LCS Forges Common IT Backbone
Developers of the Littoral Combat Ship (LCS) say the Navy must leverage common technical standards between the two ship variants’ IT infrastructures and mission packages in order to save the program money and give commanders greater mission flexibility.
A key element for the surge of technological commonality between its USS Independence and USS Freedom variants is through what the LCS program calls Mission Packages — interchangeable groups of technologies designed to go on either of the two variants.
The three packages, engineered with a modular, plug-and-play ability to integrate on both the Independence and the Freedom variants are designed for mine counter-measures, anti-submarine warfare and surface warfare, said Capt. John Ailes, LCS Mission Modules program manager.
They consist of groups of weapons, sensors, UAS, mine-detecting technologies, aircraft, electronics and unmanned watercraft, among other things, designed to work in tandem on specific threats and issues, Ailes explained.
The Navy’s two-variant approach to the LCS development effort, which ultimately aims to build and deploy at least 55 ships, has come under scrutiny and received criticism for the wisdom of its two-variant approach, which critics have said will make sustainment more challenging.
The LCS program has also faced scrutiny for rising costs, and questions inside and outside the Navy about the fleet’s survivability and ability to meet mission requirements.
While recognizing that there is a business case to move toward greater commonality among the variants, particularly when it comes to sustainment and logistics, Ailes emphasized that the much-criticized two-variant approach resulted in several positive developments.
“We got spectacularly low cost and there is strength in diversity. Also, if you have an enemy that is trying to combat you, you give him a harder problem if you bring capabilities that are different. That is more difficult than going up against a single, well-understood capability,” he added.
Despite the two hulls, Ailes said the mission packages being developed will go on either variant.
“Any mission package can go on any LCS. When we bought both ships we said either one meets our requirements. They are very different ships, you’ve got the planing monohull and you’ve got the Trimaran. They are very different in their look but both of them can accommodate all of these three very significant capabilities,” he said.
The mission packages are designed with “modularity” in mind, meaning they are engineered with a common set of technical standards in order to be able to more easily accommodate technological advances as they emerge, Ailes explained.
The idea is to create open standards with common standards and Internet Protocols (IP), formats so that existing systems, weapons, sensors and electronics can more seamlessly and quickly integrate with new technologies. IT Protocols can include a range of technical specifications, including data exchange methods, computer code and messaging formats, among other things.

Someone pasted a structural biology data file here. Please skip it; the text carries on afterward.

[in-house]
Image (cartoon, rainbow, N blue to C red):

“For future classes we will fold in the capability with weapons stations where you will be able to put systems in without having to do major shipyard availabilities. We’re trying to prove the underpinning software hooks regarding what we anticipate to be the software requirements for the fighter of the future,” he said.
In particular, this is being done with what Ailes described as an Interface Control Document (ICD) and an Interface Design Specification, written documents which delineate what the technical, electronic and computing standards are for current and future technologies designed for the Mission Packages.
“The ICD specifies weight power cooling and physical size – so it tells you if you have a system it can only give this much power. It tells you how we exchange data. All of this is specified. This has been very effective with all the Mission Packages. We’ve had remarkably few software problems and the reason is because we are standing on the shoulders of already existing systems,” Ailes explained.
Ailes explained that the software and IT backbone of the Mission Packages has, by design, been engineered to run on commercial-off-the-shelf technologies with standard protocols and infrastructures.
This is done to lower costs, speed up the developmental time frame and, perhaps most of all, facilitate interoperability such that new technologies can integrate more easily with the existing systems.
Ailes explained how the USS Freedom’s planing monohull configuration and the USS Independence’s Trimaran hull both achieve the desired speed requirements for the multi-mission, close into shore mine-hunting, anti-submarine and surface warfare ship platform.
“They wrote a set of specifications and said this is what we want the ship to do. The goal was to make use of the powerful innovation within American industry. Even though both ships meet exactly the same requirements, two different sets of designers came up with two very different solutions. Both approaches get you in excess of 40 knots,” said Ailes.